Let’s get started. I’ll start by building an application over my CRM data that lists customers and shows which ones have the highest past due balance.
Once I name my app and choose a template, I’ll need to select my web service. Then it’s just a matter of selecting my fields I want to display in my app.
Now, I need to sort this app. I’ll sort descending by the amount due, so those who owe the most will show up first.
So now, I’m all done with the required steps. I could of course add filters, calculations, and more to this, but I don’t need any of that this time so I’ll just move on to the build step.
Once I click build, I just wait while m-Power puts everything together for me. You’ll notice that this process required no coding, it’s all point and click and in just a few minutes I managed to pull data down from a web api and turn it into a web app. Now that it’s done, let’s check it out.
As you can see, it’s pulling data from my web service and sorting it by amount due. This is the same data that you saw before in Hubspot, but now it’s being pulled into m-Power using web services.
Now, let’s pull some data from my other web services and create a couple of reports for my dashboard. I’ll start with my e-Commerce data. I’ll create a report that shows orders over the last 7 days. Once I name my report and choose a template, I now choose my data. I only need a couple of fields for this, so I’ll select those and move on. Once I tell m-Power how to sort my data, I’m all set. I’m move on to the build step and wait while m-Power puts everything together for me. You’ll notice that this build process was identical to the last one. There’s no coding and it only takes a few minutes. Now that it’s built, let’s check it out. I’ll skip past the table of data since I’ll only be using this chart in the dashboard. As you can see it’s displaying orders over the past week.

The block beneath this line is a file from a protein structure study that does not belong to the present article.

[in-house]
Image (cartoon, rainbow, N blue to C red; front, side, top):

So, I now have two applications for my dashboard and I just need one more. I’ll build that one in the background here since it’s the same process that I just showed you twice. Let me put that one together real fast here and then skip ahead. Okay, now I have 3 applications that each pull data from different web services-- two reports and a data table. Let’s move on to the last step where I put these in a dashboard.
To do this, I’ll need to first create a new dashboard. Once that’s done, let’s open it up.
You’ll see, right now it’s empty. I can populate this dashboard with any application or chart that I’ve previously built with m-Power. It’s really easy.
So, first let’s grab the first report that I put together. If you remember, this is pulling data from my eCommerce software and shows purchases over the past week. I’ll make sure to include a parameter in here so I’ll only get the chart. Now, let’s grab another chart over here that shows open and closed tickets from my helpdesk software. I’ll include the same parameter and add it to my dashboard.
Okay so now we have two charts that are pulling data from web services..one from my ecommerce software and one from my ticketing software. Now, let’s add the CRM data. I’d like my CRM data to take up this whole bottom section, so I’ll delete this box here. Then, I’ll just stretch this one to fill the whole bottom section. Now, let’s import that CRM data that tells me which customers have the largest unpaid balances.
Once I’m all done with that, I can save this dashboard and I’m all set. I can even grab a shareable link up here if I want to send this dashboard to others in my company. As you can see, it’s now displaying my two charts above my data table. The great part is, each of these elements are pulling data from different sources. This chart pulls data from my eCommerce software, this one from my support ticket software, and this one from my CRM software. So that’s it! In just a few minutes, I created a simple dashboard that pulls data from different web services.
Of course, there’s plenty more that I could do here but I just wanted to show you how easily you can pull data from outside web services and build applications over that data. If you want to learn more about m-Power or set up a demo, visit us on the web at mrc-productivity.com.